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Raven proponent cites support
Compliance Coal continues to work through the application process for a proposed mine near Buckley Bay and the company's CEO says the project has support from local residents.
CoalWatch's John Snyder told The NEWS recently the Raven project "doesn't have any social licence, never has, never will."
Compliance CEO Stephen Ellis doesn't see it that way.
"Most people here would like it," Ellis said this week. "Most people I talk to ask me when we are going to start this mine. I get a letter a day from people who are interested and want to put in an application for a job."
Ellis also said he hears from six potential suppliers a week who are also wondering when the project will get started.
On its website (www.theravenproject.ca), the company says it expects to hire up to 200 workers during construction and create up to 350 full-time jobs. The underground operation would be centred about five kilometres west of the Buckley Bay ferry terminal. That's less than 50 km from downtown Qualicum Beach.
The provincial Environmental Assessment Office announced in May it had rejected Compliance’s initial application. The company received 114 pages of questions from the EAO about the application, information the EAO said must be included in any subsequent submission.
Ellis said the company has submitted a trial section of sorts to the EAO.
“What we wanted to make sure is what we are doing is on the right track,” he said. “We are committed to putting this application in and we will follow this process through.”
Ellis said he expects it will be four-six months before Compliance is ready to re-submit its application to the EAO. If that happens and the application is accepted, a 180-day information review begins, including 50-day public consultation period.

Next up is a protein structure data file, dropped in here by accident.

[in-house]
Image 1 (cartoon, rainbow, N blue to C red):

Meanwhile, Ellis said Compliance is continuing its consultations with First Nations in the area. He said the company has met with eight of the 20 First Nations they must speak with, and he was asked to characterize how those talks are going.
“They seem to be going OK,” said Ellis. “It’s a consultation — we are listening to what they say.”
Back in May when the company’s initial application was rejected, Snyder of Comox-based CoalWatch said his group will be ready if the company tries again.
“All of us live in the communities that will be impacted by the mine, and if Compliance plans on resubmitting another application, we’ll be there to meet it head on,” said Snyder.
Within weeks of the news the initial application had been rejected, Compliance announced that both CEO John Tapics and CFO Jim Defer were leaving the company.
“They worked on this project a long time,” said Ellis, vice-president of the company before the departure of Tapics. “They wanted to move on. I don’t think you can read anything (more) into it.”
On Monday, Snyder sent a news release saying Compliance’s Japanese partner in the Raven project, Itochu Corporation, has issued notice that it would be withdrawing from the venture. Itochu, through a subsiduary called I-Comox Coal, was a 20 per cent partner in the Raven project.
“The withdrawal of Itochu is a serious statement by one of the founding partners, though it is unclear how it will impact the proposed Raven Coal Project,” Snyder said Monday in the CoalWatch news release. “Given a lack of social license and the widespread opposition or concern coming from the shellfish industry, First Nations, and local governments — the withdrawal adds to an already significant headwind in Compliance’s quest for an approval of the Raven Coal Mine Project.”